A strong stream of water jets out from a powerful geyser found on Parson's Beach in Kennebunk, Maine. As the water shoots from the geyser, it creates a light, beautiful veil of mist that is cast over the surrounding rocks. The terrain is formed by rocks of various shapes and sizes that cover this select area of Parson's Beach. A small cluster of rocks even rests in front of the geyser; the angular shape of the rocks and their rough texture makes the elegant appearance of the steam all-the-more beautiful and extraordinary. Just beyond the rocks is a dense line of trees that peaks out from behind. While their presence is easy to overlook, the trees add a soothing, serene atmosphere to the park and add to its natural beauty.
Geysers occur when water seeps below the earth's crust and travels towards a layer of the earth that is heated by magma from the earth's core. As the water travels back towards the surface, it is then forcibly ejected from the ground as steam through convection, thus creating a geyser. The geyser captured in this photograph, while a wonderful sight to behold, is not nearly as tall as the geysers found in Yellowstone National Park, which can reach more than 300 feet. Parson’s Beach is also one of the lesser-known beaches in Kennebunk, Maine with limited access; but also offers plenty of breathtaking scenery if you can manage to visit.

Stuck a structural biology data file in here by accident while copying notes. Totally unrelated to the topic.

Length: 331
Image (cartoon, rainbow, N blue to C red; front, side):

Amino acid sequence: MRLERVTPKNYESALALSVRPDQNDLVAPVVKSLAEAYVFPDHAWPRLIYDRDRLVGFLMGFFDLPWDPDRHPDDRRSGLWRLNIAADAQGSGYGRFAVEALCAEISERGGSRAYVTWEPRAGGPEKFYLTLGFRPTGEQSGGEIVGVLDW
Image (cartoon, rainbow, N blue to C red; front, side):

From the collection of Fred Bodin of Gloucester, MA. Fred was a long time resident and well-known photographer of Gloucester and had one of the best private collections of New England nautical photographs in private hands. Fred was a photojournalist having graduated with this degree from Syracuse University and worked for Yankee Magazine. Fred passed away in 2016 and HIP purchased his collection from his estate.